Why are not now Muslim countries well developed in science & technology whereas this was not the case in era between 8th-12th centuries after BC?

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    if muslims were a good muslim,things were totally different – Aღmirkhan Feb 22 '16 at 7:08

Because, like some of the Church's stands on science, Islam also had its bad leaders that professed that some sciences are the work of the devil.

There is a very good talk by Neil deGrasse Tyson that explains this.

But even after that, unfortunately, a lot of it had to do with the fact that most Muslim countries were subject to colonial presence, which greatly slowed their potential for development. In fact, most of the Muslim countries were flourishing at the time when Europe was in the dark ages. If you understand French, this is a short but very nice video that speaks to that effect by historian René Vautier.

So to sum up, Muslim countries had their great period of grandeur, then collapsed a little, then had a fertile enough ground (more fertile than in the western world at the time) but did not have the chance to evolve.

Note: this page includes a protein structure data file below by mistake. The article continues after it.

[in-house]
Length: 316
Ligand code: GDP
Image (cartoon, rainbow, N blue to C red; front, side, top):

But I am reluctant to close my answer without saying that lamenting on the past is one thing, but taking responsibilities for the present is another. In today's world, the biggest problem of Muslim countries, in addition to corruption, low level education, and huge political problems, is religious fundamentalism. But that is very close to the context in which Galileo and Copernicus evolved. So one should not take it as an excuse.

Muslim countries are getting there. Colonialism and western domination only ended less than a century ago, give it time.

In that regard, I completely disagree with the assertion that it has anything to do with there not being enough "good Muslims".

There is also a very good article by the Economist on how Muslim countries are "making a come back".

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